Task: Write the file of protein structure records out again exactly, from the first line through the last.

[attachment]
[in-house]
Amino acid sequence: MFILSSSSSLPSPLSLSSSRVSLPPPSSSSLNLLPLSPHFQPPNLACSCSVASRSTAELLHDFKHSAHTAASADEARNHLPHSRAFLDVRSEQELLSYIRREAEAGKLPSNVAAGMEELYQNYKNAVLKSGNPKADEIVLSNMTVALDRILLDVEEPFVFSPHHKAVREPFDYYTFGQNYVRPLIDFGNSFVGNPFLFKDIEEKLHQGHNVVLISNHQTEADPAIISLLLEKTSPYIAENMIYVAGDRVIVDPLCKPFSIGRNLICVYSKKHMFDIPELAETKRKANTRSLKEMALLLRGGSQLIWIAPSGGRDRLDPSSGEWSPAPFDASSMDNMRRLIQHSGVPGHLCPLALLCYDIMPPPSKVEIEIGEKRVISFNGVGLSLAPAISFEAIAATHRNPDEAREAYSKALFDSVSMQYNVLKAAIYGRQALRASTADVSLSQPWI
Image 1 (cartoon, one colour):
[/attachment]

[in-house]
Amino acid sequence: MFILSSSSSLPSPLSLSSSRVSLPPPSSSSLNLLPLSPHFQPPNLACSCSVASRSTAELLHDFKHSAHTAASADEARNHLPHSRAFLDVRSEQELLSYIRREAEAGKLPSNVAAGMEELYQNYKNAVLKSGNPKADEIVLSNMTVALDRILLDVEEPFVFSPHHKAVREPFDYYTFGQNYVRPLIDFGNSFVGNPFLFKDIEEKLHQGHNVVLISNHQTEADPAIISLLLEKTSPYIAENMIYVAGDRVIVDPLCKPFSIGRNLICVYSKKHMFDIPELAETKRKANTRSLKEMALLLRGGSQLIWIAPSGGRDRLDPSSGEWSPAPFDASSMDNMRRLIQHSGVPGHLCPLALLCYDIMPPPSKVEIEIGEKRVISFNGVGLSLAPAISFEAIAATHRNPDEAREAYSKALFDSVSMQYNVLKAAIYGRQALRASTADVSLSQPWI
Image 1 (cartoon, one colour):